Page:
Provided you have set up JobKeeper and JobMaker payments correctly, they will be reported and appear correctly. If you are using the system-generated JobKeeper/JobMaker pay categories, the correct STP classifications have already been applied and no further audit will be required.
Review deduction categories
For any 'Union or Professional Association Fees' or 'Workplace Giving' deductions, be sure to audit the 'Classification' field accordingly so the deduction amounts are itemised separately in the Income Statement:
As part of STP Phase 2, a number of new classifications have been introduced to categorise the deduction types, so it is important to ensure your deduction categories have been classified correctly.
There have also been two Salary Sacrifice classifications introduced as part of STP Phase 2:
- Salary sacrifice (superannuation): This refers to an effective salary sacrifice arrangement, entered into before the work is performed, where contributions are paid to a complying superannuation fund, whereby the sacrificed salary is permanently foregone.
- Salary sacrifice (other employee benefits): This refers to an effective salary sacrifice arrangement, entered into before the work is performed, for benefits other than for superannuation, where the sacrificed salary is permanently foregone. Examples include novated lease, gym membership, workplace giving donations, car, property (goods, land, buildings, shares and bonds), expense payments (loans, school fees, childcare costs and home phone costs) and work-related items such as portable electronic devices and equipment.
If salary sacrifice arrangements have been made where the contributions are paid to a super fund, we strongly recommend using the system default deduction category for Salary Sacrifice Super. Alternatively if the salary sacrifice arrangements are for benefits aside from superannuation, please ensure to use the Salary sacrifice (other employee benefits) classification. This article has more information on the deduction categories available.
Salary sacrifice super (RESC) deductions are also discussed in the audit section further below.
Check opening balances
If you have migrated to this payroll system from another system during the financial year, it is important that the opening balances are set up correctly. Please refer to our article on Transitioning options available with STP reporting.
If you do need to enter opening balances this article will assist - Setting Employee Opening Balances (Initial Values).
If you created your business in the previous financial year but didn't start processing pay runs until this financial year, it may be necessary to review the 'Initial Financial Year' setting under 'Payroll Settings' > 'Opening Balances' to ensure the correct financial year is configured:
Please note: Do not change the initial financial year to the 2021/22 FY if you have already been processing pay runs in this payroll system for multiple financial years. This setting only relates to users that have migrated to this payroll platform part way in the 2021/22 FY and want to capture all opening balance amounts in the finalisation event.
If there are any opening balances for deductions that should be reported as Reportable Employer Super Contributions (RESC) on the Income Statement, be sure to tick the 'Include on payment summary as RESC' checkbox alongside the deduction category in the employee's 'Opening Balances' screen. If you're using the system 'Salary Sacrifice Super' deduction category, the checkbox will be ticked by default:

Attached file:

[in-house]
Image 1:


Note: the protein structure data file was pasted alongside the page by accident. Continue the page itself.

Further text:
Audit salary sacrifice super/RESC
We suggest you audit all RESC amounts processed in pay runs to ensure you have correctly assigned them to be paid to a super fund. The ramifications of any other allocation (i.e. other than to the super fund) will result in employee amounts not being reported correctly on their Income Statement and the employee potentially being stuck with a tax liability. To audit RESC amounts, follow these steps:
- Generate a 'Deductions Report' using the date range 'Financial Year' and filter the report by selecting the relevant RESC deduction category;
- Generate a 'Super Contributions Report' using the date range 'Financial Year' and filter the 'Contribution Type' to 'Salary Sacrifice';
- Compare the total $ amounts between both reports. Do they match? If yes, then all is well. If the amounts don't match, review each employee to identify where the difference lies.
- Once the differences are identified, you will need to fix them.
- Once any corrections required are made, generate the 'Super Contributions Report' again and ensure the total amount matches the 'Deductions Report'.
On 4 November 2020 we made changes to the RESC deduction category in order to help users avoid incorrectly allocating RESC deductions to anything other than a super fund. This article provides detailed information about these changes. If however, payments were made before these changes (or deductions were made using a custom category) you will need to unlock the pay run and change the category used. If you are unable to unlock and edit the pay run please contact Support using the email at the bottom of this article.
Finalise Pay Runs
Ensure that all pay runs with a date paid on or before 30 June are finalised, including any adjustment pay runs you had to create. If you lodge your finalisation event and then have to process adjustment pays, you will be required to lodge an amended finalisation event so we strongly suggest you hold off on commencing the finalisation process until you are 100% confident all pays for the financial year have been processed.
Please Note: The date the pay run is PAID determines which financial year that pay run applies to. The finalisation event for the 2021/22 financial year will only include earnings etc from pay runs paid within that financial year. For example:
- Pay run period ending 29/6/2022, PAID 30/6/2022 will be included in the 2021/22 financial year.
- Pay run period ending 29/6/2022, PAID 1/7/2022 will not be included in the 2021/22 financial year.
If you want to include every day worked within the financial year, you might have to split a pay run. For example, a weekly pay run for period ending 2/7/2022, paid 3/7/2022. Create pay run as normal and set the pay period ending 30/6, ensuring you stipulate date paid to be 30th June. You will then need to adjust the employee hours to reflect the hours worked for the 26th - 30th June and then finalise the pay run. Then create another pay run for the period ending 2/7 and adjust the employee hours to reflect the hours worked for the 1st and 2nd. Then finalise the pay run using the normal date paid, being 3/7/2022.